A New Survey Uncovers Strong Misperceptions About the Teaching Profession. What Can We Do to Get the Facts Out?

Wendy K. Adams, Department of Physics, Colorado School of Mines

Over the past two years, in a joint effort with the PhysTEC community, we have undergone an intensive study to develop an instrument that can measure students’ Perceptions of Teaching as a Profession (PTaP). The PTaP is able to discriminate between those who want to become teachers and those who do not on eleven empirically identified categories, ranging from personal enjoyment to teaching is scientific. PTaP data can provide feedback to departments about students’ perceptions of that department’s view of teaching as a career, as well as identify which students are potential teaching recruits. This work also has revealed student misperceptions about both the tangible and intangible benefits of the profession, which are consistent with the findings of the recent APS Panel on Public Affairs report.1

The data from the PTaP are rich, but here I would like to focus on the misperceptions of the tangible and intangible benefits of the profession. During student interviews, these misperceptions appeared to be one of the strongest motivators for students who indicated that they did not want to become teachers. More importantly, a large fraction of students indicated that they would like to become a grade 7-12 teacher if these benefits were better than they perceived them to be. Since these misperceptions are simply a misunderstanding of the facts, shouldn’t they be easy to correct?

Unfortunately, reinforcement of these strong misperceptions about the profession are widespread and commonplace. When reviewing news reports about teaching from the past five to ten years, you can find anecdotes of some of the worst teaching conditions presented as if they represent the profession on average. We are bombarded with the message that teachers have a terrible job, they are over worked, under paid, and are leaving the profession in droves. With this strong, consistent messaging, nearly everyone has an opinion about what it is like to be a teacher and is able to speak about the injustices at length. It is not surprising that the numbers of students pursing teaching has been steadily dropping nationwide over the past five years.2 Why would students want to (or their parents want their children to) enter a profession where they will be unhappy and underpaid?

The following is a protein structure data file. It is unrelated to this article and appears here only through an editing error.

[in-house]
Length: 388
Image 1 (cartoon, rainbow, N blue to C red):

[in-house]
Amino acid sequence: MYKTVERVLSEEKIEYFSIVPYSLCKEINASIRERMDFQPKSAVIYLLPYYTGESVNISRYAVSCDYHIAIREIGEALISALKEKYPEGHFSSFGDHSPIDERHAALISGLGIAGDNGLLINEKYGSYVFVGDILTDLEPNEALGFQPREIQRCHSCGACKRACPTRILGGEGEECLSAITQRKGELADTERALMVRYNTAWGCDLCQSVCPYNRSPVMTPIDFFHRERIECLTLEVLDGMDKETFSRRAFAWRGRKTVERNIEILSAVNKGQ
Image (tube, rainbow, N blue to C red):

The good news is that we do have data on the facts. Teachers are not unhappy in comparison to their counterparts in industry.3 The typical teacher’s pay scale results in a comfortable middle-class living,4 and their retirement benefits are some of the best, as teachers in most states retire comfortably before age 60. We also discovered a new large-scale longitudinal study from the Department of Education that shows that 78% of secondary teachers remain in the profession at year five.5 Finding comparable data for industry is difficult, but the Bureau of Labor Statistics data show that people in the private sector are more than twice as likely to leave their position, voluntarily or not, as compared to public educators.6

However, even armed with the facts, these deep-seated misperceptions of the teaching profession will not be easily unset. It will require a nationwide concerted effort across institutions to begin to clarify the facts. And the effort will be worthwhile; for every one of your students that becomes a teacher, you’ve multiplied your efforts a thousand-fold through them. Let’s work together to spread a new message: Teaching, worth it in more ways than you may think. When these misperceptions are consistently corrected with facts, we hope to see a strong upswing in the number of students pursuing teaching as a profession.